The insanity we’re up against, part 1:
Protesters are demanding that the Institute of Contemporary Art in Boston remove an exhibit by a white female artist because she once painted a picture of Emmett Till — even though the exhibit does not even contain that Emmett Till painting.
Some background: The artist, Dana Schutz, initially came under fire for Open Casket after the painting appeared at the Whitney Biennial in June, according to an article in Art World. The painting depicted the open-casket funeral of Emmett Till, a black boy who was murdered after a white woman accused him of flirting with her, and critics said it was offensive because it amounted to a white woman’s profiting off of the tragedy of a black boy …
[So the Institute of Contemporary Art in Boston decided not to show that Emmett Till painting.]
The critics’ letter claims that the ICA’s showing any of Schutz’s work essentially amounts to both it and Schutz benefiting financially from the tragedy of Emmett Till. Now, of course, some people might suggest that the fact that the painting of Till will not even be in the exhibit means that neither the museum nor Schutz could possibly be making money from the tragedy that it depicts. You know, because it’s literally not even going to be there.
But the critics have a different view. They claim that it still amounts to the museum’s taking an opportunity to “capitalize on the notoriety of said painter, not only directly benefiting her access and future opportunities, but also the institution’s,” and that the museum did something very wrong by refusing to meet all of its demands.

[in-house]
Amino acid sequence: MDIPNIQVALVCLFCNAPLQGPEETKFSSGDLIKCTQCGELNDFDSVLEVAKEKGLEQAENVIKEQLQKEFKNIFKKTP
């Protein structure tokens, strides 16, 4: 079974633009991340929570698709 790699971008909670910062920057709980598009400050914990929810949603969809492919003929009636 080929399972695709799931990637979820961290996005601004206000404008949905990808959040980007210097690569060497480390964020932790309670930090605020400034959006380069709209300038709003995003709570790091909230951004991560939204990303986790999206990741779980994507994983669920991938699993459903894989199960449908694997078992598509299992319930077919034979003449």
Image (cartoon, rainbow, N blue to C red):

Read between the lines: If you once paint someone of a different race, you are guilty of an artistic capital crime and should never be allowed to exhibit anywhere again.
The insanity we’re up against, part 2:
By a margin of over two to one, Republicans support using the courts to shut down news media outlets for “biased or inaccurate” stories, according to a recent poll from The Economist and YouGov.
When asked if cracking down on the press in this manner would violate the First Amendment, a narrow majority of Republicans agreed that it does, seeming to create a contradiction. However, a further question gave them a chance to clear the air and reaffirm the primacy of principle over political expediency: “Which is more important to you?” it asked, “(A) Protecting freedom of the press, even if that means media outlets sometimes publish biased or inaccurate stories; (B) Punishing biased or inaccurate news media, even if that means limiting the freedom of the press; (C) Not sure.”
Shockingly, a full 47 percent of Republicans support “punishing biased or inaccurate news media, even if that means limiting the freedom of the press,” versus just 34 percent who support “protecting freedom of the press, even if that means media outlets sometimes publish biased or inaccurate stories.”
Because these Republicans are presumably fully adult, this is more obnoxious than the students of Madison, in my last episode, who at least hesitated about throwing principle under the bus.
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Fiat justitia ruat caelum
There is no epistemological Switzerland. (Via Mars Hill Audio Journal Volume 134)
Some succinct standing advice on recurring themes.